With incorporation, the pace of Appleton's growth increased. People were moving in at such a fast rate that the value of land was skyrocketing and lumber became increasingly expensive and scarce. In the summer of 1855, nearly 100 new houses were constructed, and even that wasn't sufficient to satisfy the demand. Despite this progress, however, problems of the wilderness remained. In the mid-1850s, Appleton was plagued by bears that wandered into the village, eating pigs and scaring children. A few years later, thieves and burglars became a problem and a special night watch had to be established.
Meanwhile, industry was also growing in Appleton. On February 13, 1855, the Appleton Manufacturing and Water Power Company was founded, and the amount of work on the river increased. At times that work proved dangerous. Two men lost their lives in April, 1855, when a lower dam gave way and they were swept down the rapids. In the downtown area, whole blocks of brick buildings were going up. One of these buildings was the Outagamie County Bank, the first bank owned and operated by Appleton citizens.
With prosperity came some legal complications. In January, 1857, the original Lawrence University building burned down while the entire community was attending a church service with a two-hour sermon. By that time Main Hall had been completed and the school trustees saw no reason to replace the destroyed building. Instead, they divided the land into lots, which they then sold. At this point Edward L. Meade, the heir to John F. Meade, sued the school. He pointed out that the original deed between Meade and Mr. Lawrence dated September 7, 1847, called for the Lawrence Institute to be "permanently located upon said lands," and for at least $5,000 to be spent on improvements. Unless those terms were followed, the land was to revert back to the original owner. By not rebuilding after the fire, Edward Meade maintained that the terms of the deed had been violated and that all of the original Meade land now belonged to him. That land included all of Appleton's downtown business area, the most valuable property in the village. In response, the leaders of Lawrence University insisted that they were not violating the deed at all, and that they were within their rights to divide and sell the property. The court battle was long and complicated, and eventually went all the way to the United States Supreme Court, which finally ruled against Edward Meade's claim in 1869.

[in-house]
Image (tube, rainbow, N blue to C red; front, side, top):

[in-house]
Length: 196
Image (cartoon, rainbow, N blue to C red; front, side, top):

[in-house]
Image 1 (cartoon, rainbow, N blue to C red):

As that lawsuit was moving through the courts. Appleton continued to grow and prosper. Early in 1857, the state legislature approved Appleton's request to incorporate as a city. Under the new city charter, Appleton remained divided into three wards, with future plans for a fourth ward south of the Fox River. Each ward was to elect two aldermen, a justice of the peace, and a constable. Each ward also voted its own taxes for ward improvements. The city as a whole elected a mayor, a director, and a marshal. Special city taxes could be voted for waterworks, fire engines, and other city-wide improvements.
The first city election was held on April 21, with Amos Story chosen as the first mayor. With a population of approximately 2,000, Appleton officially became a city on May 2, 1857.